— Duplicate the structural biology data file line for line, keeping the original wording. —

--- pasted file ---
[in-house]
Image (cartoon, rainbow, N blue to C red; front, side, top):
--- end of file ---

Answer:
[in-house]
Image (cartoon, rainbow, N blue to C red; front, side, top):